With all signs pointing to Andrew Luck being selected with the first pick in April’s NFL Draft, teams desperate for a franchise quarterback were feeling out the owners of the second pick, the St. Louis Rams, to see what it would take to move up to that position in order to select Baylor QB Robert Griffin III. After the Peyton Manning situation, the landing spot of RG III had become the biggest story of the NFL offseason, as most observers believe he has all the tools necessary to become a star in the league for the foreseeable future.
The mystery was solved a few weeks ago, as in a predraft blockbuster the Washington Redskins agreed in principle to send three-first round picks and a second-round pick to the Rams in exchange for their second overall pick in this year’s draft. It is expected that the Redskins will use selection on the reigning Heisman Trophy winner, though the stockpile of picks given up for the opportunity to select RG III is reminiscent of some previous trades that didn’t go so well for the teams offering up the farm:
Vikings/Cowboys/Herschel Walker trade: A trade so one-sided that has become known as “The Great Train Robbery”, the Cowboys shipped star running back Herschel Walker to the Minnesota Vikings in 1989 for six draft picks. This trade jump started the Jimmy Johnson/Cowboy dynasty of the 1990’s, with the picks obtained for Walker later being used to select such stalwarts as Emmitt Smith, Darren Woodson, Kevin Smith, and Russell Maryland. The Cowboys would go onto win three Super Bowl titles, while Walker flamed out in Minnesota after a little over two seasons.
Saints/Redskins/Ricky Williams: The Redskins should remember this one fondly since they were on the receiving end of a large haul for one player. In 1999, Saints coach Mike Ditka thought it would be smart to trade all of his team’s 1999 draft picks (along with a few of his 2000 draft picks) to Washington so they could move up in the draft and grab Texas running back Ricky Williams. While Ricky went on to have a long and productive career (primarily for the Miami Dolphins, his time away from football for personal reflection/yoga/weed notwithstanding), the move set the Saints franchise back for a number of years and led to the firing of Ditka after that season.
I’m not sure if the Rams ever turned this pick into a bidding war between teams in order to land the biggest haul, but either way they have put themselves in a great position for years to come. Comfortable with incumbent starter Sam Bradford, the new St. Louis regime led by coach Jeff Fisher now has the sixth pick and Washington’s second-round pick in this year’s draft to work with, as well as the Redskins’ first-round picks in 2013 and 2014. This is a team that has plenty of holes to fill and improvements to make if they are going to challenge San Francisco in the NFC West. By obtaining such a big return for their pick, the Rams now have the flexibility to upgrade at multiple positions and build a more competitive team.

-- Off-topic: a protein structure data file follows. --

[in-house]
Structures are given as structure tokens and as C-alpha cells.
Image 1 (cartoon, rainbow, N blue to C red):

It’s too early to tell how the Redskins will fare in the long run by giving up so many picks for one player, but Mike Shanahan knows better than anyone that you need a top flight quarterback in the NFL if you are going to have any chance of winning of a Super Bowl. He has won only one playoff game since he had John Elway as his quarterback, and playing in the same division as Eli Manning, Mike Vick, and Tony Romo, Shanahan can’t afford to go into another season with Rex Grossman calling the shots.
This move is definitely a gamble for the Redskins, for no matter how good Mel and McShay project RG III to be there is always a degree of uncertainty with QB’s selected in the first round. Griffin has been described as a bigger Michael Vick, and barring a Peyton Manning to DC scenario he will likely be the starter on day one for the Redskins. Washington has done a good job of getting younger on defense since Shanahan became the coach in 2010, and if RG III lives up to the advanced billing this team could make some noise in a few years. After trading away all those draft picks, Redskins owner Dan Snyder will have to open up his wallet to bring in player in some quality targets for Griffin to throw the ball too. Spending large sums of money has never been a problem for Snyder in the past (with mixed to poor results), so I don’t foresee any issues in this regard.
Following back to back losing seasons, the question remains though whether or not Shanahan will be around to witness the development of RG III and lead a potential Redskins turnaround. Snyder has never been a patient owner, and if the Skins endure anther subpar season in 2012 Shanahan might be on the chopping block. Washington has gone all in on RG III, and unless he eventually develops into a franchise quarterback and turns the Skins into perennial playoff contenders, this four for one swap will come back to haunt them.